It's not because you know that everything is made of energy and that IN THE LONG RUN energy will be conserved that that excuses you from examining all the details of the process of going from beginning to end.
This is too intellectually comfy for me, Thai.
And it allows YOU to sit on the sidelines while important ethical questions are being raised.

Thai said...

With no "right" answers- true.

And I am most definitely not on the sidelines.

Thai said...

1. You are the one who does not see a boundary between the individual and the collective so you are not being "rational" ;-)

But in the end, if I do not like the smell of your rose, what am I to do?

Destroy it? Cooperate with it never the less? Change it?

It is not at all obvious to me when you are talking about one person making these decisions for everyone as it does become zero sum.

I'll do it for myself, and decide who I will either cooperate with or resist/try to change.

Give me the power to do it for everyone and I will solve society's problem in a week- but I will create another.

This is why I am on less comfortable ground prescribing universal solutions.

Thai said...

But as you know I am a cynic and I do have an opinion on how I would like the world to look.

Thai said...

And if I am allowed to Change/destroy any part of society I do not like whenever I want as there is no boundary between myself and the collective, then nothing is sacred and everything can change.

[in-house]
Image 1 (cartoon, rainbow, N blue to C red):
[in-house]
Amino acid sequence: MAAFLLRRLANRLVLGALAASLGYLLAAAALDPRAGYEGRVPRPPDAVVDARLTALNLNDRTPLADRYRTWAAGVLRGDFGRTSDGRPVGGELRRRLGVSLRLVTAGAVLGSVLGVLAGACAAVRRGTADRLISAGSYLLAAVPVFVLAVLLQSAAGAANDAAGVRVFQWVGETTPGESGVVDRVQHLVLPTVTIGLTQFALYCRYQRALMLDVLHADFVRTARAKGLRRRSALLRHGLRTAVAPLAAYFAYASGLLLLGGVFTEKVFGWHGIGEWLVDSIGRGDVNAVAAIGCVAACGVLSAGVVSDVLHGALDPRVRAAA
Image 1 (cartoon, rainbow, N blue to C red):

And if I can do this, everyone can do this.

Yet if the collective is allowed to change things whenever it wants, etc... then if I do not like the change/want the change or you do not like the change/want the change but must accept it, then we are nothing but slaves.

This is the future that Yo fears. Yet the things he hates repackaged under a different smell are exactly the same thing he likes when they come under this new brand.

Thai said...

Deb, have you been following any of the discussion on complexity/chaos?

They line the blogs everywhere if you look for them.

Debra said...

But one person NEVER makes the decisions that you seem to be talking about here.
What one person COULD make the decisions ?
The decisions are made by the social body itself, Thai.
While we maintain that WE are the individuals making the decisions.
I am NOT making any decisions in your place, but I am suggesting that individual ATTITUDES nevertheless can have great impact on the decisions that, ultimately, the SOCIAL BODY makes.
Like fear of declassement on the "decision" to escalate into the war on drugs, for example.
I definitely think that the 1973 oil panic is VERY responsible for the war on drugs.

Debra said...

Thai... your last formulation "if I am allowed to change whatever, etc" falls prey to the very difficulty I'm highlighting.